September 24, 2018

The End of Middle-Class Art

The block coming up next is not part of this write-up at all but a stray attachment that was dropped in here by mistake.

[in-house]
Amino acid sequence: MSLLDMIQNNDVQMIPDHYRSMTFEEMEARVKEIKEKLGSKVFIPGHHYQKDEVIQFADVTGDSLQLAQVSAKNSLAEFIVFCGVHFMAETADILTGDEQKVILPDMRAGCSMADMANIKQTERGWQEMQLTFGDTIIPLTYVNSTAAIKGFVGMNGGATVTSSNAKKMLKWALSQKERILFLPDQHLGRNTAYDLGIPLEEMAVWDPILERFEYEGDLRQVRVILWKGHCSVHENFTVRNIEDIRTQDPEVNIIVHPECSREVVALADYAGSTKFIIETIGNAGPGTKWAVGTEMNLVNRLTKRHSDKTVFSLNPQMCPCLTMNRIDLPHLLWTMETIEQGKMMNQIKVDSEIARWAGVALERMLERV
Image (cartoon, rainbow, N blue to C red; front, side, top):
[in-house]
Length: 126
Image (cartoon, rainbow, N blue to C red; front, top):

The art market is increasingly controlled by the major auction houses and a handful of high-powered dealers. Indeed, the two sectors have grown quite similar, with personnel moving fluidly from one to the other, and auction houses hosting exhibitions and orchestrating private sales. The art business long resisted corporate expansion, because too much was tied up in the expertise of the singular dealer (whose name was usually on the door) and his or her personal relationships with artists and clients. Rather than achieving economies of scale, expansion diluted a dealer’s efficacy while raising costs. However, the business model followed by today’s most successful galleries relies on vast teams of registrars, preparators, social media mavens, researchers, writers, and sales associates to achieve market saturation on a global scale. Large staffs are also used to lure artists, estates, and collectors with a range of services that cannot be matched by smaller organizations. Gagosian, with 17 locations, employs 250 people; Hauser & Wirth (seven locations), 200; David Zwirner (five locations), 165; Pace (nine locations), 150. According to Jose Freire, director of Team Gallery, these are the only four galleries that count. “And everyone else is not them.”

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